From the August 2015 Issue
Youre probably painfully aware of the inflammation associated with a twisted ankle or a hammered thumb. But you can't feel low-grade inflammation, which can operate in stealth mode for years until it reveals its ugly head as cancer, diabetes, rheumatoid arthritis, or heart disease. Fight inflammation with our top nine foods.
More people are interested in improving the quality of their diets, but often their best-made plans dont come to fruition. Yet healthy eating might be a lot easier to achieve than you think, according to intriguing new research from the Cornell Food and Brand Lab.
Hippocrates, the father of medicine, used apple cider vinegar to clean wounds. Now, apple cider vinegarmade from the fermented liquid of crushed applesis viewed as a healthy elixir touted for diabetes control and weight loss. Studies have shown that taking apple cider vinegar with a high carbohydrate meal and at bedtime can significantly lower blood sugar and insulin responses for people with prediabetes or diabetes.
Popularized in the 1990s as a sleep aid, use of melatonin supplements is on the rise. The most recent National Health Interview Survey revealed a doubling of melatonin usage among adults from 2007 to 2012. Estimated sales of melatonin supplements tripled over the same five-year period, from $90 million in 2007 to $260 million in 2012, according to data from the Nutrition Business Journal. But how safe and effective is melatonin?
Have you ever been concerned about the safety of foods imported from other countries? If so, you are not alone. According to the 2012 International Food Information Council Food and Health Survey, about half of Americans feel that imported foods are less safe than those produced in the U.S.; of this group, 77 percent feel they lack regulation, 61 percent feel they are produced in less sanitary conditions, and 60 percent believe they could become contaminated during travel.
If you were a natural foods enthusiast in the early 1980s, you might recall cookbooks that used fructose instead of table sugar as a sweetener. Fructose is a natural sugar in fruit, so it was viewed as a healthier option. Plus, fructose is sweeter than table sugar, potentially enabling you to use less in recipes and thus trim calories. However, today youre more likely to find people avoiding high fructose corn syrup (HFCS) and bookstores selling low-fructose cookbooks. Heres help understanding this shift in perspective and what it means for your grocery list.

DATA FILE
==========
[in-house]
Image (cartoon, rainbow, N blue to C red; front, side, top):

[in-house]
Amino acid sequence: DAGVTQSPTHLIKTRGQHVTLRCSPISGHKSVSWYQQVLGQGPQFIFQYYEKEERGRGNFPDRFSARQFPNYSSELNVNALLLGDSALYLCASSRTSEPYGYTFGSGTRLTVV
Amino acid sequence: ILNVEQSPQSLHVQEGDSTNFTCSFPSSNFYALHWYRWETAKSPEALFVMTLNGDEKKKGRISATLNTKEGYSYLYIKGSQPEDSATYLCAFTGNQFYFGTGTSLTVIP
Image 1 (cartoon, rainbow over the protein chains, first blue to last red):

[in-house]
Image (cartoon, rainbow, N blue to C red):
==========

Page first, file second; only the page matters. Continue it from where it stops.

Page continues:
Its not news that fruits are an important part of a healthy diet. These delicious plant foods are full of fiber, vitamins, minerals, and phytochemicals, in addition to being low in fat and sodium, and modest in calories. Fruit intake has been linked with many benefits, such as reduced risk of high blood pressure, heart disease, certain types of cancer, type 2 diabetes, and neurodegenerative diseases. Thats why the USDA recommends that women eat 1½ cups of fruit every day and men eat 2 cups per day.
Your dinner plate can work for you, or against you. While chronic diseases may feel random or inevitable, its increasingly clear that what you eat can play a role in reducing or promoting disease. Here are ENs tips on how to fight disease with your fork.
Theres truth to the saying you are what you eat. Our bodies take what we eat, break it down, and use the parts to build everything we need to live, grow, and stay healthy. Think of a fish fillet as made out of tiny building blocks. When we eat it, our bodies take apart the blocks and use them to build other things in our bodies, like cell walls, muscle fibers, and enzymes. In proteins, these building blocks are amino acids, nine of which are essential because we must get them from food. A high quality protein food is technically one that has all the amino acids you need packaged in such a way that they can easily be broken apart and reused by the body.
The folklore. Maize, known in the U.S. as corn (Zea mays,) was domesticated in Mexico at least 7,000 years ago. While corn was a staple in early American cultures, it spread to the rest of the world via the Spanish explorers in the late 15th century. Among Native American tribes, corn was a symbol in rituals, folkloric medicine, and mythologies; the Cherokees believed it treated kidney stones, the Mohegan tribe used it to relieve poison ivy, and the Navajos relied on it for sore throats. In traditional Chinese medicine, corn was used to treat heart disease, gallstones, jaundice, and hepatitis.